That seems like a stark headline, doesn't it? But it would have been a better title to a recent New York Times story called "Racial Imbalance Persists at Elite Public High Schools" than the one the headline writers dreamed up.
As we've been talking about in recent weeks on this blog, New York City has long had a commitment to serving gifted kids from all backgrounds. This is a city of immigrants, and tales are legion of children from all kinds of deprived backgrounds getting into the city's elite schools for the gifted and succeeding wildly. Stuyvesant and the Bronx High School of Science, for instance, have produced many Nobel Prize winners.
Unlike many of the city's private schools, it's no mystery how one gains admission to the elite public high schools. You have to sit for the annual exam. Anyone can take the test; indeed, the city offers a program to prepare you called the Specialized High Schools Institute. If you score high enough, you are offered admission. Connections don't help you.
Net result? Stuyvesant High School does not "look like America." In fact, it looks a little bit more like Beijing, or Delhi than like any city in the US. Though the city's four major racial groups represent roughly equal proportions of those who sit for the test (28 percent of last year’s were black, 23 percent Hispanic, 30 percent Asian and 19 percent white), a full two-thirds of Stuyvesant students are of Asian descent. In other words, Stuyvesant is majority minority. But apparently its students are not the correct minority, because all sorts of city critics are up in arms these days about the failure to "diversify" Stuyvesant, Bronx Science and the city's other gifted programs.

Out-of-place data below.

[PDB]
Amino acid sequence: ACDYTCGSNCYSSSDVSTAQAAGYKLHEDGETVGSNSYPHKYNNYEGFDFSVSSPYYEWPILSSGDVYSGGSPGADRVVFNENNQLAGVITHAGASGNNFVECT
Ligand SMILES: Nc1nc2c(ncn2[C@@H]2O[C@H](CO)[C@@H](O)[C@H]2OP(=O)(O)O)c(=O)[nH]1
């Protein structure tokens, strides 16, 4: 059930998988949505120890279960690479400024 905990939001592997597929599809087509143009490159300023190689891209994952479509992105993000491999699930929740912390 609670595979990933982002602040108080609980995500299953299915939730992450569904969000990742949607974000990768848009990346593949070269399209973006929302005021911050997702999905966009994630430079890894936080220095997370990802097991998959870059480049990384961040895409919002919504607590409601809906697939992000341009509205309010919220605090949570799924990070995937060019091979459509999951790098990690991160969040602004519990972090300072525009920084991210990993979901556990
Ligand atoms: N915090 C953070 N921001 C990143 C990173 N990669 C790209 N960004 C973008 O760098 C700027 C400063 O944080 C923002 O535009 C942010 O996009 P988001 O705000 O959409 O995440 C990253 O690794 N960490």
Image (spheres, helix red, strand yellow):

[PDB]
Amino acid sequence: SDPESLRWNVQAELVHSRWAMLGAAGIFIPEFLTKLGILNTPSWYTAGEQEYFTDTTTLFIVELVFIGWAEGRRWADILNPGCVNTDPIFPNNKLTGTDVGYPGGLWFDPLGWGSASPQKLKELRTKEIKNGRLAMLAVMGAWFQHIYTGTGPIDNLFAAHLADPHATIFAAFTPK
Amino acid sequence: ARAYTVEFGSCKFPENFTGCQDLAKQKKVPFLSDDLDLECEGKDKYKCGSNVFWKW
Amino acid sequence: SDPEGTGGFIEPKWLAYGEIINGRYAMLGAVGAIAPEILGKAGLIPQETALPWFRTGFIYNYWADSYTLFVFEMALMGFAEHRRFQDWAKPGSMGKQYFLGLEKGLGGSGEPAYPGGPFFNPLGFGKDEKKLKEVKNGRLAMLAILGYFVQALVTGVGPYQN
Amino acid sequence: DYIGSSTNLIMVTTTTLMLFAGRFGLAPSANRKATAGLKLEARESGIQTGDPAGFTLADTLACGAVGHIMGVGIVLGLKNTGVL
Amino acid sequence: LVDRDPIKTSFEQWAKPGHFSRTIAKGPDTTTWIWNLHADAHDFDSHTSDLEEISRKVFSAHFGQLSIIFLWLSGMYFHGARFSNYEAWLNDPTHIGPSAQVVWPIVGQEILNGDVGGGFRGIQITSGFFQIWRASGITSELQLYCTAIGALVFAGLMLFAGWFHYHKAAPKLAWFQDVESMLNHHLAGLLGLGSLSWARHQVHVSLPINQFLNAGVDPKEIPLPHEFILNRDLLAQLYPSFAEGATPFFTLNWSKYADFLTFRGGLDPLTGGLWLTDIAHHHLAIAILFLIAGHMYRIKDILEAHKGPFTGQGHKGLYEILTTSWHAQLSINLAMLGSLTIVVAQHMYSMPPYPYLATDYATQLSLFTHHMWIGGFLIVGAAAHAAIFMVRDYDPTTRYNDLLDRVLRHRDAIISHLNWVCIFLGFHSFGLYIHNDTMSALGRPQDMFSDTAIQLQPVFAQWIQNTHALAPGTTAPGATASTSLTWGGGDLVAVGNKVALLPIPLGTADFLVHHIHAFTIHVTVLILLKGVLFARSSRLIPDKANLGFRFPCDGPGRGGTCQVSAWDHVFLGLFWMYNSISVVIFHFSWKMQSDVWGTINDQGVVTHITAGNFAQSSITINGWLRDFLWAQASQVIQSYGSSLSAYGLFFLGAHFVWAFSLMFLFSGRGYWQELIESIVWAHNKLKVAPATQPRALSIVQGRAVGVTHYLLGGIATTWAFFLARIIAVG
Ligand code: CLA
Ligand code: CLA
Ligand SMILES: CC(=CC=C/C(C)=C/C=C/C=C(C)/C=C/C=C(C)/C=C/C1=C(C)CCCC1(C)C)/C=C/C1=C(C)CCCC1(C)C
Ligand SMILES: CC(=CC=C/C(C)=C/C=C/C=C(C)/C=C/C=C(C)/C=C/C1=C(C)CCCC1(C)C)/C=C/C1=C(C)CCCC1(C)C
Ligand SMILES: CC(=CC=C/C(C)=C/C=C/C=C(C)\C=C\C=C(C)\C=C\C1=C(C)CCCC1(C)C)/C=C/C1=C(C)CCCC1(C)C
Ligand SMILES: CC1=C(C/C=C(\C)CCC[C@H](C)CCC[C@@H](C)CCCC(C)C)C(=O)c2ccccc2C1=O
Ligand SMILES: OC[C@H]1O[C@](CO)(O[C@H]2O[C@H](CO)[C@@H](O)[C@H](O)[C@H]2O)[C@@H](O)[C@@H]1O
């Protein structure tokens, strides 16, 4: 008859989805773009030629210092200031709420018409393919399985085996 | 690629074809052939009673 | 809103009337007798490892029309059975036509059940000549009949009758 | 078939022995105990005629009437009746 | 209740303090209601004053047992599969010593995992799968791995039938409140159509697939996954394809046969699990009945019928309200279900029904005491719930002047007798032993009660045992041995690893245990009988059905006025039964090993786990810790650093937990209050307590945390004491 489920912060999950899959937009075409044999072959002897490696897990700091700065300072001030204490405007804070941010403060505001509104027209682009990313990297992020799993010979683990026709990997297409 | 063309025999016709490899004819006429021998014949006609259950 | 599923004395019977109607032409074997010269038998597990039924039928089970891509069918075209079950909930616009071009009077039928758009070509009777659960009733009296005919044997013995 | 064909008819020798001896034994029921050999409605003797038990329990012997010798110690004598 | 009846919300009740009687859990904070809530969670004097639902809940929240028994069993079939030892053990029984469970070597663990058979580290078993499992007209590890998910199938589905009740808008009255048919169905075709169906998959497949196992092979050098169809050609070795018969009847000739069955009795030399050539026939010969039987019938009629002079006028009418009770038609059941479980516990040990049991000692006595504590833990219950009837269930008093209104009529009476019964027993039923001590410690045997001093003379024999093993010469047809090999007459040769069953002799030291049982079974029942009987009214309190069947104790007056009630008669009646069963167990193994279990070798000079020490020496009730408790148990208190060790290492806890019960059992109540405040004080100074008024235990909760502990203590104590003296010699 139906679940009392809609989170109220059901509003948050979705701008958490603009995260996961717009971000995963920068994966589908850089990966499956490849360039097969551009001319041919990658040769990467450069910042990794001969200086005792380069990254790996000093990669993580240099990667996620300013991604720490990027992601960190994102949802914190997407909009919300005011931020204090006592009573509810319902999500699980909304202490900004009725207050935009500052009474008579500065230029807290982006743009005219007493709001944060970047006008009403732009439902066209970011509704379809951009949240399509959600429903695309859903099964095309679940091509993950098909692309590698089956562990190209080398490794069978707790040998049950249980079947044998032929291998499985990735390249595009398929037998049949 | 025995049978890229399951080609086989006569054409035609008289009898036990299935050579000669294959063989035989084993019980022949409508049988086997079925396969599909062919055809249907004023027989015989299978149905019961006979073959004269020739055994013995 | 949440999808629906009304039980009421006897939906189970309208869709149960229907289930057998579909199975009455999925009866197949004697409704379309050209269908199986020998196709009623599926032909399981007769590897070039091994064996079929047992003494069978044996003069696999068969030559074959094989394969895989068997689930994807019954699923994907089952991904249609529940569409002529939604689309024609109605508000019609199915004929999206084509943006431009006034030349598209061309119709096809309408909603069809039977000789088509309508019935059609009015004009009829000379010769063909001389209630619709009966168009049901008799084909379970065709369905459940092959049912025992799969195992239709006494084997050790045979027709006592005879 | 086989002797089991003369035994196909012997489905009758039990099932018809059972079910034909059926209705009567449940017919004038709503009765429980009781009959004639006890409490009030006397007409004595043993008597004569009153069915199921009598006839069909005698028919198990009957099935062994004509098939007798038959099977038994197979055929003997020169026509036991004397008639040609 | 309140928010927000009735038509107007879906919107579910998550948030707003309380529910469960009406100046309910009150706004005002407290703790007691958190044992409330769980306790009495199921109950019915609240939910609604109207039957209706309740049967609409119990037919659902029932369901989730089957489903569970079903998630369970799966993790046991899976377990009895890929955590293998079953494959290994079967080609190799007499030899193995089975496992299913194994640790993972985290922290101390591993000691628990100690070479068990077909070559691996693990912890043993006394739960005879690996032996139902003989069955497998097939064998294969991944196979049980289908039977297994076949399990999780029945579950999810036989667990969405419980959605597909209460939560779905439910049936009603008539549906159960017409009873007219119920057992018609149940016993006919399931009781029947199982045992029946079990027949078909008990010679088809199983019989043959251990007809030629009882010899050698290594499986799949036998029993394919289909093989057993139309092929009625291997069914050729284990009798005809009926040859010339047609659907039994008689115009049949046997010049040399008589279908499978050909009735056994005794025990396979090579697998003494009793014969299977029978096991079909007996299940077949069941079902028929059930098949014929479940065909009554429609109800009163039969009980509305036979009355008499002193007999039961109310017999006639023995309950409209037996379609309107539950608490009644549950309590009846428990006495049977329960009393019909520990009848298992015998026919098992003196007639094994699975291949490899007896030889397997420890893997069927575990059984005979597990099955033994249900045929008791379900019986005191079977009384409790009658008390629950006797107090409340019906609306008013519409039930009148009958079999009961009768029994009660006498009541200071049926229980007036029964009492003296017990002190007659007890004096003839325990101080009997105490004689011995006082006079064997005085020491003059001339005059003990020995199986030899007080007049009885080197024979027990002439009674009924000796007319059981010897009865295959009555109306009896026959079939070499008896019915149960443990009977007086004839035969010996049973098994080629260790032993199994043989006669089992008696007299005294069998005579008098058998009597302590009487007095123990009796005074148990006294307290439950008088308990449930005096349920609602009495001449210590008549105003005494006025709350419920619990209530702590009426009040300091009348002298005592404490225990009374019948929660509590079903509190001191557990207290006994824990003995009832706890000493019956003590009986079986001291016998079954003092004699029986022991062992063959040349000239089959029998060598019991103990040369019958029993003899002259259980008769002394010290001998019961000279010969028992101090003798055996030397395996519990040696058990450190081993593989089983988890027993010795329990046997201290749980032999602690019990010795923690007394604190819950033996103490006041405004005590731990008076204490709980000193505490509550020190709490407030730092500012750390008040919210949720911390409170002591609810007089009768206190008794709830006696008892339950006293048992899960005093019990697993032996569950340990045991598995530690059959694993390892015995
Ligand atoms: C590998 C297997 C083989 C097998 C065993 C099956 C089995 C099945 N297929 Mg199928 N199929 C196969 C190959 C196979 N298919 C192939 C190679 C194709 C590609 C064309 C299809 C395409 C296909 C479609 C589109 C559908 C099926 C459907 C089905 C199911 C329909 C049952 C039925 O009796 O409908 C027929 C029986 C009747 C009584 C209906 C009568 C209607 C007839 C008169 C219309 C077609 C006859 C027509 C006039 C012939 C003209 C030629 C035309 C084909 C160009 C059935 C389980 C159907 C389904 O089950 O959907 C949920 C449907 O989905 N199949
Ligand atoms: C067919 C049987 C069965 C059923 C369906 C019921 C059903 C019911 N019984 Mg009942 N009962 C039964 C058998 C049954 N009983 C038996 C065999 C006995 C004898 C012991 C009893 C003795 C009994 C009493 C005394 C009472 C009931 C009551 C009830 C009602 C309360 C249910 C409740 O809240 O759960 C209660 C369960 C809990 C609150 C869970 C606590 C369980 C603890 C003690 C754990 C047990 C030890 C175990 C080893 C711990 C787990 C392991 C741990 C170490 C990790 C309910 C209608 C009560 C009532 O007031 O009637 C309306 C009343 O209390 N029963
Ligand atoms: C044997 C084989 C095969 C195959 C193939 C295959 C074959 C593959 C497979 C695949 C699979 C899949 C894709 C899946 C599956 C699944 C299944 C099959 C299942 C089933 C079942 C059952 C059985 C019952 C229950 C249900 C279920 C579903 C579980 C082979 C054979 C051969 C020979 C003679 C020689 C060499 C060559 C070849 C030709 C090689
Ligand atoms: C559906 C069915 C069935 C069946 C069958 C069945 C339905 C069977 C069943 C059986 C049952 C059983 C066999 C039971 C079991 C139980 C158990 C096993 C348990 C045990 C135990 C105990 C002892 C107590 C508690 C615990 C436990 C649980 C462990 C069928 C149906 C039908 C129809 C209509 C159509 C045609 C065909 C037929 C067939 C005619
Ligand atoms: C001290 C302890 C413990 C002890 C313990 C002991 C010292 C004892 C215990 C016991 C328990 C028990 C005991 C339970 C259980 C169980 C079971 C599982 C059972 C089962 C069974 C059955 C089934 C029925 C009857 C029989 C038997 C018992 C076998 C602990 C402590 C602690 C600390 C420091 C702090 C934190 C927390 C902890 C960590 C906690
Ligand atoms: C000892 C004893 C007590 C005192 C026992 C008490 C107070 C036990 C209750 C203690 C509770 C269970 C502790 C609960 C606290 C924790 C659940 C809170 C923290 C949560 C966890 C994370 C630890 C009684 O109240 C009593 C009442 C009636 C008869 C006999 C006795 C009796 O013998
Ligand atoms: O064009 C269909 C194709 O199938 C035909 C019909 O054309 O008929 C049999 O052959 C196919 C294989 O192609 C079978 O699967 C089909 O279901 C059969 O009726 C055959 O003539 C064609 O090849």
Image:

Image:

As Daniel Golden pointed out in his thought-provoking book, The Price of Admission a few years ago, when it comes to education, Asian children are "the new Jews." Once, elite colleges conspired to reduce the proportion of Jewish young people granted admission, even though these young people often had stellar credentials and had overcome amazing odds (poverty, immigration, discrimination, etc.). A similar mindset seems to have gripped the diversity proponents criticizing New York's gifted programs. As it is now, your father can be a cook working in Chinatown after leaving mainland China penniless, and your admission to Stuyvesant will not be looked upon as a cause for celebration. Something strikes me as very wrong about that picture. Indeed, any efforts to further "diversify" the city's elite schools will result in fewer Asian children being granted admission.